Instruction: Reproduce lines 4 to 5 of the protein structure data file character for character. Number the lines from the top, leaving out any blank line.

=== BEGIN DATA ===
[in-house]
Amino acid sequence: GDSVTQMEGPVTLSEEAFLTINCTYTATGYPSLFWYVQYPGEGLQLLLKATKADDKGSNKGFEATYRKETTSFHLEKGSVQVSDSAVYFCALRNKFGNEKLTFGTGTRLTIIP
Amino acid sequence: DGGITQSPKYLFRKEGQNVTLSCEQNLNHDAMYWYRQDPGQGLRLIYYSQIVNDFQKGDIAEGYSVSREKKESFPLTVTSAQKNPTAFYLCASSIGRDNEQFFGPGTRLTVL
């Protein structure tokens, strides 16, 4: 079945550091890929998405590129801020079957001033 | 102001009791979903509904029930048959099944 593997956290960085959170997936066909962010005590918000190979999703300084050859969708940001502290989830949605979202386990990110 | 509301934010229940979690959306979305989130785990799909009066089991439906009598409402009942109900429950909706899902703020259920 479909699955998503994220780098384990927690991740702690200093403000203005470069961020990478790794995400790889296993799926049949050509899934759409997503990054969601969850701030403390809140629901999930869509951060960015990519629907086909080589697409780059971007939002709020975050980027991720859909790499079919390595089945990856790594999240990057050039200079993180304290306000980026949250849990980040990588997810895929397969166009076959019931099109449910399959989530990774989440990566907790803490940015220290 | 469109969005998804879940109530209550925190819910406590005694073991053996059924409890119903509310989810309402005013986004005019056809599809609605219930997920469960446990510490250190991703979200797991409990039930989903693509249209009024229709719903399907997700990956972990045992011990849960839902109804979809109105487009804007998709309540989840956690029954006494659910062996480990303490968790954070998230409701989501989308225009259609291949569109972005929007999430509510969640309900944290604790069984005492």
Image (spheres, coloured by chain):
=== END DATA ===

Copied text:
């Protein structure tokens, strides 16, 4: 079945550091890929998405590129801020079957001033 | 102001009791979903509904029930048959099944 593997956290960085959170997936066909962010005590918000190979999703300084050859969708940001502290989830949605979202386990990110 | 509301934010229940979690959306979305989130785990799909009066089991439906009598409402009942109900429950909706899902703020259920 479909699955998503994220780098384990927690991740702690200093403000203005470069961020990478790794995400790889296993799926049949050509899934759409997503990054969601969850701030403390809140629901999930869509951060960015990519629907086909080589697409780059971007939002709020975050980027991720859909790499079919390595089945990856790594999240990057050039200079993180304290306000980026949250849990980040990588997810895929397969166009076959019931099109449910399959989530990774989440990566907790803490940015220290 | 469109969005998804879940109530209550925190819910406590005694073991053996059924409890119903509310989810309402005013986004005019056809599809609605219930997920469960446990510490250190991703979200797991409990039930989903693509249209009024229709719903399907997700990956972990045992011990849960839902109804979809109105487009804007998709309540989840956690029954006494659910062996480990303490968790954070998230409701989501989308225009259609291949569109972005929007999430509510969640309900944290604790069984005492």
Image (spheres, coloured by chain):